ILO Emphasizes Occupational Safety And Health For Productivity

ILO Emphasizes Occupational Safety And Health For Productivity

Nov. 2, 2018, 4:28 p.m.

Entrepreneurs and worker representatives have acknowledged the need to improve occupational safety and health (OSH) to improve working conditions which contribute to productivity of orthodox tea, ginger, dairy and cardamom that have unique competitive advantage for niche international market.

Nepal’s eastern hilly districts of Ilam, Panchthar, Tehrathum, Taplejung, Dhankuta, Bhojpur and Sankhuwasabha are famous for producing high value cash crops.

Attending a three day program organized by International Labour Organization (ILO) in Ilam, the participants of training of trainers on occupational safety and health said basic OSH practices were still a luxury in tea factories and farms.

According to a press release issued by ILO, senior Specialist in OSH and Labour Inspection at ILO New Delhi Office, Dr. Tsuyoshi Kawakami provided training to tea factory and farm owners, managers, workers, agencies involved in tea sector and media representatives.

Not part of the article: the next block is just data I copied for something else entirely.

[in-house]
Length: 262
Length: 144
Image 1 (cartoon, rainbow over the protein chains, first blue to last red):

“Occupational safety and health at workplace should be an everyday issue for every worker and manager and it is not something that should be consulted when a mishap takes place,” stressed Dr. Kawakami.

He also co-related productivity with occupational safety and health and urged the management and workers to discuss ways to improve working conditions in factories and farms.

Citing several examples, Dr Kawakami said workplace environment could be improved with simple, low cost and clever initiatives like using personal protective equipment for workers or even maintaining an elbow height for work or to avoid physical exertion.

National Program Coordinator of ILO/UNNATI Program, Nabin Kumar Karna said adherence to OSH standards was important not just to convince the international buyers of orthodox tea and other agro products but to ensure safety and wellbeing of workers and making workplaces safer and healthier; important aspect of responsible business practice.

The participants visited two nearby tea factories and triangulated their theoretical learning into action.

The ILO provided a checklist on occupational safety and health to workers and factory managers and urged them to discuss more often on ways to improve their workplace environment.

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